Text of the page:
“You said, “We are calling the sanctuary an auditorium because our view of God has changed. It is a heart issue. It is a theological issue. We want to bring God down to our level so we won’t have to feel uncomfortable beneath the majesty of his holiness.” So, are you assuming that people who worship in an auditorium or a barn or outside or in a home have a low view of God? And your evidence for that is…”

    No, I don’t assume that. What goes on inside an auditorium, a barn or a house will clue me in on their view of God. Many churches have bowed their knee to the great god, Entertainment; showing movie clips, staging hip-hop and hard rock concerts, preaching explicit how-to sex sermons where children are not allowed, etc. etc. ad nauseum. These things are all done to feed our flesh. This results in the diminishing of God’s glory. And after all isn’t bringing God glory the chief end of man?

  12. Brandon, I think you made some wonderful assessements. It is true that the things once thought of as scared are now thought of as common. The changing of the name where we offer worship to the great I am, the Almighty, Lord of Lights, the Most High,the creator, the God of Abraham, Issac, and Jacob does matter. These are names of our provider and our maker. Change these names and we change the meaning of who we are talking about. To those who think changing the name of where we offer our Worship does not matter or changing a name does not make the things of God cmmon this is what I have to say, Remember that every word that you say you will be held accountable. If God put so much value on the words we say does it not make sense that what we called the place where we offer our thankfulness matter. What does a sanctuary (light) have in common with auditorium (darkness).

  13. Thank you so much for this article. I was beginning to think I was not thinking clearly. I just saw on Facebook where someone from our church had posted a picture of a football game that was being fed on the large screen of our worship center (that’s what our sanctuary is termed). I know it was on off-hours, but I still think that the sanctuary/worship center should be set apart for worship only. It’s where we come to worship a holy God. People just seem to think that anything goes anymore. I’m assuming this is due to ignorance. I’ve also been in the back of the church on Sundays, where the ushers are speaking in normal to loud voices during the worship music and even during the PRAYER! I do not mean to call out my brothers and sisters in Christ or to sound judgmental, but my heart truly is burdened for how folks are approaching our Holy God. Perhaps I sound like a Pharisee. I suppose all I can do is focus on my own heart and ensure that I am approaching Him in a pure, holy, true, right way.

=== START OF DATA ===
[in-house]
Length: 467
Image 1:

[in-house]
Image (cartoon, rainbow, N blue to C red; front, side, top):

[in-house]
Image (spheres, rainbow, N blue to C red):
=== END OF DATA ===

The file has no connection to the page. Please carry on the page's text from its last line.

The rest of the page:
14. You make the excellent point that the holiness of God fills His people and we are His Sanctuary. When they move in His holiness fills the room. I agree.

    But, I disagree that the building itself is a holy place to be set apart only for God’s dwelling. He goes with us, His sanctuary. So, when we have no building, is God’s sanctuary absent? When we gather to praise and worship in a home, is it less holy. When a historic and beautiful “sanctuary” burns to the ground, is God’s holiness limited or affected at all. No.

    The problem with terminilogy and attaching God to lumber and brick is that people begin to worship and serve facilities. When building a holy “sanctuary” it requires tremendous amounts of cash, icons and decorations to be worthy of being a holy place. The temple was holy solely because it was God’s dwelling place. The sanctuary, with the holy of holies, was not accessible to the common man. The temple was destroyed for a second time in 70 AD.

    Did it limit God? No, by then He had moved out to indwell the hearts of man, His new sanctuary.

    Terminology is important. So many churches worship their buildings and serve them at the expense of expanding the gospel. Every item in a “sanctuary” becomes an item of contention and squabble when churches look to move things or redecorate. My current church could use a video screen but has no place to mount one because, when lowered, it would cover the decorative cross at the from. It is anathema to block the cross even to display scripture or make teaching more effective.

    Lord, prepare me to be a sanctuary … I am thankful when a church meets in a coffee house that God’s presence moves with them. In the back room of a restaurant? There too. In a school gym? Yes. Movie theater? Yes.

    I am so thankful that God does not reside in a building anymore so that we do not have to go for visits. I believe calling our meeting room a sanctuary lessens what the true sanctuary used to be and causes confusion.

  15. Just as a thought, if the temple (a building), or house of prayer isn’t important, why was Jesus angry about what was going on in the temple? Jesus said that this was a “House of Prayer” and should not have inappropriate behavior going on in it. It was a place that was set apart, a sanctuary and it was being profaned or made common.

    If we have a place for our church to meet for worship, Is it not our modern day “temple” or “sanctuary”?